Published: August 7, 2018
Review and Onsite Photos By Laura Beach
PLYMOUTH, MASS. – The third and final installment of the Donal C. O’Brien Jr collection of American sporting art and decoys pushed sales to $5.2 million at Copley Fine Art Auctions’ two-day sale on July 19 and 20. The total was a personal best for the firm, which notched more than a dozen records for individual artists and makers. Eight decoy lots achieved six-figure prices.
“While there was interest from institutional bidders, private collectors decided the selling prices on virtually all the premier lots,” Copley decoy specialist Colin McNair told Antiques and The Arts Weekly.
Staged at Plymouth’s Hotel 1620, Copley’s annual summer sale got off to a bang with property assembled by Donal C. O’Brien Jr (1934-2013). In all, three sessions of O’Brien material, published in two catalogs, garnered $7.35 million over two years. The final installment was 90 percent sold and averaged a record $41,000 per lot.
“He was a sportsman, a birder, a conservationist and a collector. He was a mentor, a friend and a strong leader who never walked into a meeting he did not want to run,” Copley chairman and chief executive officer Stephen B. O’Brien Jr wrote of his uncle.
Chief counsel to the Rockefeller family, Don O’Brien gathered classic sporting art and decoys over several decades. At his death, his collection, exhibited at the Museum of American Folk Art in 1981, numbered 500 objects. As auctioneer Peter Coccoluto admonished bidders, “There won’t be another O’Brien sale, so this is your last chance.”
O’Brien was an important early source collector, purchasing or acquiring through trade many carvings from their original context. These exchanges, amounting to a history of decoy trade and scholarship, are recorded in Copley’s O’Brien catalogs.
Steve O’Brien noted, “The deeper we get into the field, the more important provenance becomes. When you think about the collector’s market for decoys, it’s really only since about 1960 that money has changed hands. The market is not even 75 years old.”
Provenance contributed to the success of the auction’s top lot, dubbed the Earnest-Gregory dovetailed goose. At once imposing and graceful, the 17½-inch-high sculpture was most likely made in Massachusetts or Pennsylvania around 1870. Dealer Adele Earnest (1901-1993) credited this bird and two like it, which she discovered in Pennsylvania in 1954, with inspiring her “subsequent devotion to the decoy as an art.”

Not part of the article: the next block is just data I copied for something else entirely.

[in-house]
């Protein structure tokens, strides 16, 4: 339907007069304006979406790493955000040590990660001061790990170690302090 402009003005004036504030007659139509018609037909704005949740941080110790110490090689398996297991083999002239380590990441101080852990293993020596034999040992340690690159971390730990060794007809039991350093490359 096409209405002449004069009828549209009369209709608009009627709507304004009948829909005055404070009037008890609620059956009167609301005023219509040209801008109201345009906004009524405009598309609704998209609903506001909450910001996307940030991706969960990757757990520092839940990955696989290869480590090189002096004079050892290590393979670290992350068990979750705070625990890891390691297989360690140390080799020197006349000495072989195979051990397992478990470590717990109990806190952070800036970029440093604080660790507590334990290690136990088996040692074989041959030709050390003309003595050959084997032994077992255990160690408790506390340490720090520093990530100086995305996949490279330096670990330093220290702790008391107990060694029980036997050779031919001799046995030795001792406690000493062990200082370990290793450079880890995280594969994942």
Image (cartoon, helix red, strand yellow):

Earnest sold two of the dovetailed geese to collector Stewart Gregory, keeping the third for herself. O’Brien acquired his goose from Sotheby’s 1979 auction of Gregory’s estate. In its latest appearance, the bird, estimated at $500/800,000, went to a phone bidder for $810,000, the highest recorded price for the maker. The previous record, set in 2014, was $632,000.
The second-highest lot was for a preening black duck by Cape Cod maker A. Elmer Crowell (1862-1952), subject of the forthcoming book Elmer Crowell: Father of American Bird Carving by Stephen B. O’Brien Jr and Chelsie W. Olney. Crowell – who made the black duck around 1912 for one of his best patrons, the sportsman/collector Dr John C. Phillips (1876-1938) – doubled high estimate to bring $600,000.
Crowell’s gift for naturalism was on full display in a circa 1925 carved and painted calling tern. The carving more than doubled high estimate to bring $60,000, a record for a Crowell tern. Likewise, the house set new records for a Ward brothers pinch-breast pintail pair, $252,000; a canvasback pair by John B. Graham, $216,000; a black duck by Nathan F. Cobb Jr, $66,000; and an eider drake by Arthur Poland, $57,000.
Over two days, Copley offered a rich assortment of fish decoys, plaques and models, some from the collection of Ronald S. Swanson, whose holdings yielded a circa 1927 Atlantic Salmon model, $27,600, by Connecticut maker Charles “Shang” Wheeler.
“Top-notch works by the biggest names can be had at a range of accessible price points, including etchings by Frank Benson that are a great entry point for sporting art,” said Leah C. Tharpe. Copley’s fine arts specialist saw record prices for a painting by Milton C. Weiler and a bronze by Robert G. Wehle, plus prices in the mid-five figures for watercolors by well-known sporting artists Arthur B. Frost, Aiden Lassell Ripley and Ogden M. Pleissner.
New collectors are joining the field as the economy improves. For them and others, O’Brien sees opportunity, noting, “Artists like Frost, Benson, Pleissner and Ripley are still affordable. In the decoy category, buyers are finding great value in the work of carvers such as Joseph C. Lincoln, the Ward Brothers, Charles Perdew, Charles Hart, Henry Keyes Chadwick, Benjamin Warren Pease, Lloyd Tyler and Bert Graves. Values for these makers are starting to advance, but there is still a lot of room for the second-level carvers to go higher, given the quality they produced.”
McNair added, “I was excited and impressed by the number of new buyers who recognized, and responded to, the opportunity to acquire top-tier decoys. I credit some of their participation to the rising standards of pre-auction vetting. This has allowed more bidders to participate with confidence at a high level. Our team shot more than 350 decoy X-rays while cataloging this sale.”
Prices, including buyer’s premium, are as reported by the auction house.
The Copley crew now turns its attention to its Winter Sale 2019, to be conducted in Charleston, S.C., in February in association with the Southeastern Wildlife Exposition.
For information, 617-536-0030 or www.copleyart.com.
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